Traveling with food allergies can be very challenging - whether it is for those fun summer vacations or busy holiday times. Either way, being prepared and having a good time is completely manageable! Here are are a few tips I've posted before on how we make things work!
The holidays are a time for travel-whether you have guests coming in, you are going out, etc. If you are living with food allergies/sensitivities, etc, it can be very hard not to mention detrimental to your health. This is especially true for children with problems as it can be hard for them to illustrate how traveling affects them. After the little bit of traveling I've done recently, I thought I'd give you all some ideas on how to travel safely this holiday season or any time of the year. In addition, these tips are also good for those of you trying to maintain a healthy lifestyle or save money!
Traveling to relative's homes
When you are traveling to a loved one's home for a gathering, it can still be just as difficult - maybe even harder - to find ways to accommodate your needs. Whether you are driving, flying, walking, whatever, it is likely a guarantee that there will be food or drinks of some sort. I have learned that there is RARELY any gathering where people do not eat. In addition, symptoms can vary depending on what your sensitivity is to and how it affects you. Here's a few tips to get through the traveling happily:
1. Be upfront about your issues.
This is probably the most important thing I've learned. More than likely your family will understand your situation. If they don't, is it worth being miserable by not speaking up? Sure, Grannie might be upset you don't eat her quiche or bread pudding but at least you'll be able to spend time with her later, rather than the bathroom. It may be worth vaguely (if necessary) discussing your symptoms just in case you do have a problem arise while you are visiting. That way Mother-in-law or Auntie knows what to expect if you suddenly need to rest or have to miss out on something they've planned.
2. Come prepared for food.
If you have severe food allergies, bring your own food. It may sound crazy but trust me, it's worth it. Again, if you have previously discussed your situation with your loved ones, they won't be surprised. For example, on Thanksgiving this year, I literally brought a lunch box to our dinners so that I could still eat with family, yet avoid any cross contamination. What most people don't understand is that it only takes a small crumb to create an immune response in someone with a gluten allergy/sensitivity. Another thing that is hard to understand is how frustrating it is to stick with a restricted diet and have something cause a flare up in symptoms. If you know that you are highly sensitive, avoid the possibility of cross contamination. If that isn't as much of a problem for you, just make sure there is something available for you to eat. My families try to be more than accommodating to my needs. They try to prepare foods I can eat, cook separate foods for me or just buy foods they think I will eat. If your loved ones want to provide you with foods, let them or politely tell them you'll bring your own. It's much less stressful if you know you have something. Otherwise, look for a grocery store close and buy your own. Again, just make sure your hosts know you will be bringing food so they can have space in the fridge/pantry for you. Obviously, this is easier if it is a come and go dinner. If you are staying overnight, there will be a little bit more work needed to prepare.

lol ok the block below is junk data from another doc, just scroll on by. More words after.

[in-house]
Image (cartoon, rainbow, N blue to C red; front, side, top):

3. Come prepared for staying.
If you are staying overnight, make sure you have your comfort items with you and any medications you may need. Your hosts might have some items available but to be safe, have some yourself. In my overnight bags, I make sure I have all of my medications, plenty of clothes, my own food (as mentioned above), and my comfort items. For me, I always bring my favorite essential oils that I find comforting, my own clean/gluten free body products/makeup, herbal teas and my heating pad just in case I have a bad day. It will be less nerve-wracking if you have items you know will help you feel better and less stressed. These items can also help while traveling to your destination.